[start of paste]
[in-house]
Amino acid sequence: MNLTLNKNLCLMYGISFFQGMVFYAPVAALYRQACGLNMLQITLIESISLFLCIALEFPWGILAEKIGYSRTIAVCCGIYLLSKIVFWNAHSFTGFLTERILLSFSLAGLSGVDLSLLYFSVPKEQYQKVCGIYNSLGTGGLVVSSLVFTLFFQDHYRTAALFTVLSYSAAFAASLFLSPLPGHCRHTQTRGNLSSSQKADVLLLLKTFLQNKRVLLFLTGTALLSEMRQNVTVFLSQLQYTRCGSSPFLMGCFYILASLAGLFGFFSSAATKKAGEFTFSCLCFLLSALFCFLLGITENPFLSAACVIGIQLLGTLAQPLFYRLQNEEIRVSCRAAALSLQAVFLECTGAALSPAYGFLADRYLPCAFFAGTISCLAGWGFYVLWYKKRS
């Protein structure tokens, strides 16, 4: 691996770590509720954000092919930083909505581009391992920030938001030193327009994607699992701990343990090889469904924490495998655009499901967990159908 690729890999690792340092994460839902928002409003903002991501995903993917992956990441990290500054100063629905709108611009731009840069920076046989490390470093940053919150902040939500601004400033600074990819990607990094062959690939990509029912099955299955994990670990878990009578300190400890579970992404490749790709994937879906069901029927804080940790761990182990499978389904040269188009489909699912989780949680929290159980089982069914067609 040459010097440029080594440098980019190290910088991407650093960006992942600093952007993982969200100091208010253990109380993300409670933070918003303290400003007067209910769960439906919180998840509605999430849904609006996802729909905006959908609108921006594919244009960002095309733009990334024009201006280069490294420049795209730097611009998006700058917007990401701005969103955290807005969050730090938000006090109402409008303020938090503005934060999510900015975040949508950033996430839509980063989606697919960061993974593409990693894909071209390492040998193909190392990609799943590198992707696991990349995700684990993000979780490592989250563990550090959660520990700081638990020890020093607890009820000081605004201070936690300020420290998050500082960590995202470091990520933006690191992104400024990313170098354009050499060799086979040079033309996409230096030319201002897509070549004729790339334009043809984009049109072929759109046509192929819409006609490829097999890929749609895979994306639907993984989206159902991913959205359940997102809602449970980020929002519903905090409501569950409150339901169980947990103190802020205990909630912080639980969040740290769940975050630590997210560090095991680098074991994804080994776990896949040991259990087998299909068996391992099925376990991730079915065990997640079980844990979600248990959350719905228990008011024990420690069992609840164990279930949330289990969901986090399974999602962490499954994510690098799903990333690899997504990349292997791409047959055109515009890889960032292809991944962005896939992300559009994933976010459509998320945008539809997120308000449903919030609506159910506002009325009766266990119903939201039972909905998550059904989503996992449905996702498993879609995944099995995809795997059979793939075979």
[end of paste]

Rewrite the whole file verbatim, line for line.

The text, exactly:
[in-house]
Amino acid sequence: MNLTLNKNLCLMYGISFFQGMVFYAPVAALYRQACGLNMLQITLIESISLFLCIALEFPWGILAEKIGYSRTIAVCCGIYLLSKIVFWNAHSFTGFLTERILLSFSLAGLSGVDLSLLYFSVPKEQYQKVCGIYNSLGTGGLVVSSLVFTLFFQDHYRTAALFTVLSYSAAFAASLFLSPLPGHCRHTQTRGNLSSSQKADVLLLLKTFLQNKRVLLFLTGTALLSEMRQNVTVFLSQLQYTRCGSSPFLMGCFYILASLAGLFGFFSSAATKKAGEFTFSCLCFLLSALFCFLLGITENPFLSAACVIGIQLLGTLAQPLFYRLQNEEIRVSCRAAALSLQAVFLECTGAALSPAYGFLADRYLPCAFFAGTISCLAGWGFYVLWYKKRS
């Protein structure tokens, strides 16, 4: 691996770590509720954000092919930083909505581009391992920030938001030193327009994607699992701990343990090889469904924490495998655009499901967990159908 690729890999690792340092994460839902928002409003903002991501995903993917992956990441990290500054100063629905709108611009731009840069920076046989490390470093940053919150902040939500601004400033600074990819990607990094062959690939990509029912099955299955994990670990878990009578300190400890579970992404490749790709994937879906069901029927804080940790761990182990499978389904040269188009489909699912989780949680929290159980089982069914067609 040459010097440029080594440098980019190290910088991407650093960006992942600093952007993982969200100091208010253990109380993300409670933070918003303290400003007067209910769960439906919180998840509605999430849904609006996802729909905006959908609108921006594919244009960002095309733009990334024009201006280069490294420049795209730097611009998006700058917007990401701005969103955290807005969050730090938000006090109402409008303020938090503005934060999510900015975040949508950033996430839509980063989606697919960061993974593409990693894909071209390492040998193909190392990609799943590198992707696991990349995700684990993000979780490592989250563990550090959660520990700081638990020890020093607890009820000081605004201070936690300020420290998050500082960590995202470091990520933006690191992104400024990313170098354009050499060799086979040079033309996409230096030319201002897509070549004729790339334009043809984009049109072929759109046509192929819409006609490829097999890929749609895979994306639907993984989206159902991913959205359940997102809602449970980020929002519903905090409501569950409150339901169980947990103190802020205990909630912080639980969040740290769940975050630590997210560090095991680098074991994804080994776990896949040991259990087998299909068996391992099925376990991730079915065990997640079980844990979600248990959350719905228990008011024990420690069992609840164990279930949330289990969901986090399974999602962490499954994510690098799903990333690899997504990349292997791409047959055109515009890889960032292809991944962005896939992300559009994933976010459509998320945008539809997120308000449903919030609506159910506002009325009766266990119903939201039972909905998550059904989503996992449905996702498993879609995944099995995809795997059979793939075979």